Look at this great graphic shape coming down.
Because of the linear quality of this, they were very conscious.
These hatches are going over the turn of the vest, the form of the vest.
They were very conscious of the silhouette.
Oftentimes, as painters with a brush, with a brush, which is blocking in shapes.
That’s the atelier style of drawing as a painter.
We’re always designing big shapes and then filling them in with value and color.
That’s the whole basis of the academy, French Academy, Russian Academy, Chinese Academy
and atelier system that developed out of that.
It’s shape, shape, shape.
And so, you’re always looking to fill in.
This shape would be chiseled out and refined like a wood carver would refine it to place
Then we’d plug in the value on top of that.
Whereas someone who is drawing with a linear medium like we’re doing here is going to
be tracking that age as an edge more.
It’s going to be more of a linear style, more of a silhouette later, and tracking like
an ant on the surface first in some ways.
Notice the attention to the edge and the personality that this whole silhouette creates against
the side board, the side wood of this board wagon or whatever it is.
Notice what is going on here.
Now he’s opened up these lines.
Now in the background we have a much lighter world, full value foreground.
He has a white vest, a little chunk of it there over on the shoulder, the white vest.
Full-value and really black hat and black shadows.
Full-value foreground, light-to-middle value background.
So those hatches open up.
Notice also the energy of the hatches and the energy of the shapes created is extreme here.
We get into this really painterly marks with the much thicker nib that I don’t have,
but I’ll try and duplicate.
Notice the really wandering shapes there for that fluttering cloth in
the wind or in his movement, whatever is causing that.
All that stuff going on compared to this is all long axis marks.
We track the knots of course, but long axis, long axis, long axis.
There is no attempt at any kind of form description at all for the framework for that canopy that
goes over a board wagon.
It gets reduced to a vague outline.
Excuse me, again.
Anyway, great energy.
A lot of hatches, maybe even most of the hatches are tracking right over the form.
A lot of tension to the texture, not only by creating this kind of tortured outline,
but also by the broken short lines, the scratchy lines.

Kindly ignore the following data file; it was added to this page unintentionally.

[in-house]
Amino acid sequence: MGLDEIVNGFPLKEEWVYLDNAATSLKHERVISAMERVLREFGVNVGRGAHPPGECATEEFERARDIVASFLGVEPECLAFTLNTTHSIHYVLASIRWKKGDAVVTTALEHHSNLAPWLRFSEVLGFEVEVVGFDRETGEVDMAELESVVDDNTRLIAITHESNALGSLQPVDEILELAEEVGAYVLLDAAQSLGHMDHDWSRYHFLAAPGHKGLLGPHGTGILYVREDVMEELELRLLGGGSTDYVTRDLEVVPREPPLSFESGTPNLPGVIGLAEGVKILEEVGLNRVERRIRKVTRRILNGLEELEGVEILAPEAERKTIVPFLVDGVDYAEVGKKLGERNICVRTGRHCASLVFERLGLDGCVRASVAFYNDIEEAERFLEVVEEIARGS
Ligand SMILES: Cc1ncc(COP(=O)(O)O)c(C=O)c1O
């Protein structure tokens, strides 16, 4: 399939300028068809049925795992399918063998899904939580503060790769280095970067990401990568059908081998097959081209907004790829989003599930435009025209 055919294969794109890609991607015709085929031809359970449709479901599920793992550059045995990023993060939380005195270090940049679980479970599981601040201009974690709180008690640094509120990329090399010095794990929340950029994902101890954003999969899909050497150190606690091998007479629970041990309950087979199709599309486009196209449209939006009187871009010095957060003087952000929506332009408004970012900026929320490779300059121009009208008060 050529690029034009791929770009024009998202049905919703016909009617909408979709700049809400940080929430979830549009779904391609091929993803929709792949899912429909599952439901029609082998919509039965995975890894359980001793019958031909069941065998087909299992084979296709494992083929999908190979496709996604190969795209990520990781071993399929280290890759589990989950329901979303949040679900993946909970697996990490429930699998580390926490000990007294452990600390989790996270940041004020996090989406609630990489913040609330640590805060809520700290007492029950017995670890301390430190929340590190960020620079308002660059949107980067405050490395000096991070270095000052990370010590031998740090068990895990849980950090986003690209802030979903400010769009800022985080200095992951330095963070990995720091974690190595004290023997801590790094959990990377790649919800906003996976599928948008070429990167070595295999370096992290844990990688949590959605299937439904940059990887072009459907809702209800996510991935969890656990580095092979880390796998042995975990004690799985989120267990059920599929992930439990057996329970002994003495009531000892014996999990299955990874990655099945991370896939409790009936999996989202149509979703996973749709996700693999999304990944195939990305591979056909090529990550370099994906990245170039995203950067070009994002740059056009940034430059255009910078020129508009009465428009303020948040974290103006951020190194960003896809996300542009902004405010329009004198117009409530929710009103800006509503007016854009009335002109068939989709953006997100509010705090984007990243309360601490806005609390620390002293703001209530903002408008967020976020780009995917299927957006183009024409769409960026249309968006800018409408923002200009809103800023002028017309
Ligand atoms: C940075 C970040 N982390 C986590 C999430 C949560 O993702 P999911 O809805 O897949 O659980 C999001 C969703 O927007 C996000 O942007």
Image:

One of the things you can do is, it’s easier to do with a true nib.
Now I’ve turned over, as you can see, so I can get a lighter line here.
When I do this it opens up the fork, the split.
I can get a thicker line there.
Here I can’t do that because the cupping nature of the nib.
It’s a little thinner.
But if I’m dipping in—what you’ll often see on this illustrations is you’ll have
the illustration here, and then over on the edge off where it’s going to be printed,
you’ll have the artist taking off a lot of the pigment.
Now there is not much there.
Now when I come in I’m getting little hatches there.
That would be the perfect time.
I need a little bit more.
I’m going to use up most of that.
I’m going to come in and I can use that to create this kind of hatching texture for
his beard like that.
Notice how I can come in with a much subtler hatch and build that texture there.
It gives me more control.
Now, when you get up close like these, you can really see the personality of the line
and the abstract mark making.
It’s about the mark, and we start to lose the structure.
Brian, if you can pull back to a double-page spread again, now look at it and kind squint
down at it.
I’m squinting myself.
You’ll see how it kind of groups into these silhouettes, and by stepping back a little
bit visually or physically, those hatches start to get suppressed or completely lost,
Then you just see that image of value range and basic structures and stuff.
What I’ll do is I’ll be sitting at a table.
It’s about the only table I sit when I work now.
When I draw with charcoal I stand.
When I paint I stand.
When I do the gouache studies and when I do the pen and ink, the sketchbook stuff, most
of the time I’ll sit.
I’ll stand to when I think about it.
It’s better for you.
But what I’ll do if I’m sitting, I’ll get up and walk away.
[tapping on table] There is me walking away.
You can hear me walking away.